As an insurance professional I feel as though every consumer who has a property insured in Florida should be properly educated as to exactly what defines a sinkhole and what is covered or not covered by a sinkhole coverage endorsement.
Insurance companies are required by law to provide coverage for "Catastrophic Ground Cover Collapse" and include this in the base policy.
Florida law affirms that catastrophic ground cover collapse does not occur until all of the following four conditions are met:
The official definition of sinkhole, sinkhole loss and the damage covered is determined by statute, and very complex.
The type of damage a sinkhole does to a home is the same as the type of damage caused by lack of maintenance, settlement and improper building construction — such as exterior cracks, interior doors that do not close or torn pool screens. Most often the cause of this damage is determined not to be caused by a sinkhole.
The cost of determining the cause of the damage is on average $5,000 to $16,000 and is paid completely by the insurance company. The presence of a sinkhole does not have to be confirmed, and sinkhole claims are paid if an engineer cannot eliminate sinkhole as a cause of damage. A large part of the cost of a sinkhole claim is to pump grout into the sinkhole. The damage to the structure in most cases is cosmetic in nature, but policy limits, in most cases, are paid in full.
Due to the involvement of some public adjusters and/or attorneys, claims have been filed for sinkhole losses, and the companies have incurred large costs for investigation, running geological tests and, in some cases, court defense costs for claims that were later deemed to be non-sinkhole losses.
What each resident of Florida has to realize is that sinkhole coverage is now becoming an endorsement, which may or may not be offered by their carrier and thus can be and should be charged adequately for, according to the area where the property is located.
This is along the same lines as adding replacement-cost coverage, computer equipment, a lower deductible, jewelry or any other special enhancement that may be available for your policy. If you desire the broader coverage, there is an increased cost associated with the extra risk and exposure taken on by the carrier, and the consumers must make the decision to decide whether they can afford this extra cost or not.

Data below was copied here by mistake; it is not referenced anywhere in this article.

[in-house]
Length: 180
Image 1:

Floridians faced the same issue after Hurricane Andrew. Carriers started offering a separate hurricane/named-storm deductible, and consumers complained that banks would not accept these deductibles, and this new deductible would cause foreclosure and financial burden for the consumer. The banking industry adapted, and the public now better understands these deductibles and what they would be responsible for in the event of such a loss, and now hopefully they better prepare for this large expense.
I am not saying that there are not legitimate sinkhole claims, and I am not saying that public adjusters and attorneys are the main problem. What I am saying is that when a leak springs in the dam, you need to plug it before it floods the town. If our state and the insurance carriers that do business here do not limit this sinkhole issue, all consumers will suffer and we could lose our "freedom of choice" to find affordable property insurance.
We, the consumers, are also on the "hook" for hundreds of millions of dollars in exposure that exists with Citizens Insurance Corp. Every Florida resident would share in the losses of Citizens if it could not pay all its obligations to its policy holders. This would be triggered by policy taxes, which we are paying now, special assessments, which are a part of every Citizens policy, and finally higher rates.
This sinkhole issue is doing just that; depleting the claims-paying ability of Citizens as well as all carriers doing business in the state.
Consumers should ask their agent to explain the coverages of their policy, and the consumers should understand what it is they would be responsible for in the event of a loss, such as their deductibles, rejection of coverage or possible assessment that may occur if their carrier would not be able to cover obligations to policyholders.